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MCPS Students Perform at High Level on State Exams
July 23, 2013
Misaligned Tests Cause Drop in MSA Performance
Students from Montgomery County Public Schools (MCPS) performed at a high level on the 2013 Maryland School Assessments (MSA) but, like the state of Maryland, saw an overall drop in performance on the standardized tests.
Two main reasons for the drop in MSA performance are that the tests are not aligned to the Common Core State Standards—which MCPS has already begun implementing—and that the state is no longer offering a modified assessment for students with disabilities.
The Maryland State Board of Education has adopted the internationally benchmarked Common Core State Standards (CCSS) as the foundation for math and reading curricula across the state. However, the state tests have not changed and, in some areas, are not aligned to what students are being taught anymore. MCPS is ahead of many other districts across the state in implementing the Common Core.
“For several years, MCPS has been actively aligning our teaching and learning with the Common Core State Standards, which lay out clear expectations for what our students need to know and should be able to do in the 21
century,” said Superintendent of Schools Joshua P. Starr. “We cannot overly concern ourselves with results on lame duck tests that are not lined up with what our students are being taught."
In elementary grades, the percent of MCPS students who scored at the proficient or advanced levels on the 2013 MSA was 89.7 percent in reading and 84.5 percent in mathematics, down 2.0 and 5.2 percentage points respectively. In middle grades, the percent of MCPS students who scored at the proficient or advanced levels was 89.3 percent in reading (up 0.4 percentage points) and 77.9 percent in mathematics (down 3.3 percentage points).
Statewide, the percent of elementary school students scoring at the proficient and advanced levels in reading was 86.4 percent (a decrease of 1.8 percentage points), and in mathematics was 83.9 percent (a decrease of 3.8 percentage points). The percentage of Maryland middle school students scoring at the proficient or advanced levels in reading was 83.4 percent (an increase of 1.3 percentage points) and in mathematics was 72.2 percent (a decrease of 4.0 percentage points).
This misalignment between the MSA and the Common Core was most notable in Grade 3 Mathematics, where MCPS saw a 12.1 percentage point drop in performance from 2012.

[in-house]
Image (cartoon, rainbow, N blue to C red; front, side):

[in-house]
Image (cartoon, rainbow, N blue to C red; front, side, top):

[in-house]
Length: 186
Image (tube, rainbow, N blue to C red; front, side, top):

MCPS has fully implemented the CCSS in Kindergarten through Grade 3 as a part of its elementary grades curriculum, called Curriculum 2.0. MCPS Grade 3 students showed significant gains in MSA performance in the areas of Algebra, Patterns, and Functions, which the CCSS emphasizes in the early grades. However, third-grade students saw the biggest decrease in MSA performance in Geometry and Measurement, which the CCSS does not heavily emphasize in early grades.
In two years, MCPS—and all other Maryland districts—are expected to transition to new assessments developed by the Partnership for Assessment of Readiness for College and Careers (PARCC), which will be aligned to the Common Core.
“There’s nothing wrong with our students, our teachers, or our curriculum,” Dr. Starr said. "Once the new assessments, aligned to the Common Core, are fully implemented, we’ll be able to use the results to conduct meaningful analyses and have conversations about teaching and learning. Until then, we’ll continue to focus on providing our teachers with the resources, training, and support they need to effectively teach to the Common Core.”
In MCPS, and across the state, the 2013 MSA results were also impacted by the elimination of the Modified MSA (Mod-MSA), which was given to selected students with disabilities.
Special education students saw some of the biggest one-year declines in performance. However, their performance would have been significantly better if the Mod-MSA had been administered. For instance, in middle grades reading, 62.8 percent of special education students scored proficient or higher on the MSA, a drop of 3.7 percentage points from 2012. However, if the Mod-MSA had been administered, it is estimated that 67 percent of special education students would have scored proficient or higher, an increase of 0.5 percentage points from 2012.
Preliminary MSA Results for MCPS
State Press Release
Maryland Report Card
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